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US court blocks German bank from lending money to Russian gas company?

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posted on Dec, 19 2004 @ 02:42 PM
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This story seems a little confusing to me.

A consortium of six Western banks, including Deutsche Bank, ABN Amro, BNP Paribas, Calyon, Dresdner Kleinwort Wasserstein and J.P. Morgan, were set to lend Gazprom a $13.4 billion credit line.

This has apparantly been postponed because if the banks lend money to Gazprom, they risk facing legal charges on U.S. territory after a restraining order was announced by a U.S. bankruptcy court on the property of Yukos Oil Company.

MosNews
As MosNews reported earlier, a Houston court placed a 10-day temporary restraining order, forbidding the auction on Sunday, Dec. 19, of a controlling stake in Yuganskneftegaz, the main production subsidiary of Yukos. The restraining order was specifically placed on Gazprom and the consortium of Western banks.

According to the information provided by Russias Itar-Tass agency, which quoted high-ranking Western financial sources, the consortium made a decision to freeze the credit deal with Gazprom at least until a final decision is made by the Houston court.


A subsidiary of Yukos is set to be auctioned off and lawyers in Washington who represent Yukos shareholders have said that if Gazprom wins the auction they may take legal action to seize Gazprom's gas exports. They've even suggested suing Germany's Deutsche Bank for assisting Gazprom.


If as widely expected Gazprom wins the auction on Sunday, legal action to seize its gas exports "is one of the alternatives," a US lawyer acting for the shareholders' holding company, Group Menatep, told journalists in Moscow.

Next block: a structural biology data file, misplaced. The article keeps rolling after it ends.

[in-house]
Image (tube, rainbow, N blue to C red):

"The defendant can be the Russian government, the tax ministry, Gazprom, or any company that will facilitate the auction," Sanford Saunders, from Washington law firm Greenberg Traurig, added. (link)


How do US courts and US lawyers have this much say over what happens to a Russian company and how can they interfere with loans to a competing company who is looking to purchase it's assets?




posted on Dec, 19 2004 @ 02:50 PM
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Well, it all hinges on jurisdiciton. If there are assets in the US, then no problems with jurisdiction. If the deal is to be done in the US, then no problems here again. Again, if the proposed deal is to be substantially performed in the US, the US Courts have jurisdiction to stop it.



posted on Dec, 19 2004 @ 03:08 PM
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Originally posted by dixon
Well, it all hinges on jurisdiciton. If there are assets in the US, then no problems with jurisdiction. If the deal is to be done in the US, then no problems here again. Again, if the proposed deal is to be substantially performed in the US, the US Courts have jurisdiction to stop it.


Everything I've seen says it is taking place in Russia, not the US.

The court said that since around 15% of the Yukos stock belongs to U.S. investors, the judge found that her court had jurisdiction to rule. (link)

Sounds like BS to me.
They should have no right to stop loans to a company who wishes to purchase the assets of Yukos just because US shareholders own a part of Yukos.

It seems as though it was initiated by Yukos itself by I still son't see how that happened.

xinhuanet
Russian embattled oil giant Yukos Wednesday made a filing in the United States Bankruptcy Court for the Southern District of Texas, Houston Division, in an attempt to stop the auction of its major asset Yuganskeneftegaz.

The US court on Thursday ordered a 10-day halt to the planned sale of Yuganskneftegaz to allow the embattled oil firm time to seek a permanent injunction.

The Russian authorities insist on handling the matter under Russian law, noting that the US court ruling has no legal effect in Russia as Russia and the United States have no bilateral agreement on mutual recognition and execution of court rulings.


Anyway, it looks like the sale went through today anyway.
A company called Baikal Finance Group won the auction.
www.mosnews.com...



posted on Dec, 19 2004 @ 03:21 PM